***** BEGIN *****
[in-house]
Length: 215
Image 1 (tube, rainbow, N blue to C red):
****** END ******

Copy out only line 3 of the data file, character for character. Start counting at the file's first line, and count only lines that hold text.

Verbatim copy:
Image 1 (tube, rainbow, N blue to C red):